PAKTOLOS (or Pactolus) was a River-God of Lydia in Anatolia (modern Turkey).
The Paktolos River was a small tributory of the River Hermos which flowed from the Lydian Mount Tmolos near the town of Sardis.
Ovid, Metamorphoses 6. 15 (trans. Melville) (Roman epic C1st B.C. to C1st A.D.) :
"Nymphae would often leave their vine-clad slopes of [Mt] Tmolus [i.e. Oreades], often leave Pactolus’ stream [i.e. Naiades], delighted both to see the cloth she [Arakhne] wove and watch her working too; such grace she had."
Nonnus, Dionysiaca 10. 142 ff (trans. Rouse) (Greek epic C5th A.D.) :
"[The young god Dionysos grew up in the care of Rhea in Lydia :] To escape the midday lash of Helios (the Sun) moving on high, he [Dionysos] cleansed his body in the stream of the Meionian River [in Lydia] bubbling gently; Paktolos glad to gratify Lyaios [Dionysos] murmured as he poured the goldsowing water upon the purple sand, and the gilded fish went swimming in wealthy sounding where the rich ore lay deep."
Nonnus, Dionysiaca 12. 123 ff :
"[Dionysos mourned the death of his beloved Ampelos :] Before the unsmiling countenance of Dionysos [mourning the death of his love Ampelos], full of love and piteous pining, the reedy Lydian Hermos held up his course, and his fastrolling waves which poured on with weatherbeaten throb--he cared no more to flow; Paktolos yellow as saffron with the wealth deep under his flood, stayed his water in mourning, like the image of a sorrowful man; Sangarious the Phrygian stream, in honour of the dead, checked back the course of his banked fountains."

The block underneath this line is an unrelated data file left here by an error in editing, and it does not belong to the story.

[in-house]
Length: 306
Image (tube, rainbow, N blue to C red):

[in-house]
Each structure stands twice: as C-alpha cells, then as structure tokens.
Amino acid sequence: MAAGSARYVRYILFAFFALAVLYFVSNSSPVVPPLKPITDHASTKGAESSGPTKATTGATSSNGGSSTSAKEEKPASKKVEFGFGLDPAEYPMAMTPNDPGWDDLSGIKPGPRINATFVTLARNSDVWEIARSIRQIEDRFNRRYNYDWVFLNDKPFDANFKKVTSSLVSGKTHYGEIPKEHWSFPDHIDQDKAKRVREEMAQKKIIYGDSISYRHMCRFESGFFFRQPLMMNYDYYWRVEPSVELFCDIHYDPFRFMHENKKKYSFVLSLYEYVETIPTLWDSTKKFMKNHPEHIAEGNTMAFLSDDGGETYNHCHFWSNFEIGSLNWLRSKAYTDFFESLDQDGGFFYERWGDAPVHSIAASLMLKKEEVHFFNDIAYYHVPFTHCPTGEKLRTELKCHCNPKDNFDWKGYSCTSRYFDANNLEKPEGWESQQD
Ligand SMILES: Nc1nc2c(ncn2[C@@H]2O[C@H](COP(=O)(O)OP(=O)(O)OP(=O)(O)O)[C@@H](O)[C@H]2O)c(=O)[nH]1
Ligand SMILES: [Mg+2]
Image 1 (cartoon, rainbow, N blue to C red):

Nonnus, Dionysiaca 24. 23 ff :
"[The River Hydaspes set aflame by Dionysos during the Indian War, cries out :] `Remember Maionia your own country, for Hydaspes is brother of your charming Paktolos. Grant now this one boon to all these Rivers, my brothers, and withdraw your flame.'"
Nonnus, Dionysiaca 43. 400 ff :
"[The River-Gods came to the wedding of Poseidon and Beroe bearing gifts :] Old [River] Paktolos came bringing the like offerings from his opulent mines, with cautious hands, for he feared the Lydian master, Bakkhos his king [i.e. who lost the contest for Beroe], and he feared Rheia his neighbour, the cityholder of his country Mygdonia."
- Ovid, Metamorphoses - Latin Epic C1st B.C. - C1st A.D.
- Nonnos, Dionysiaca - Greek Epic C5th A.D.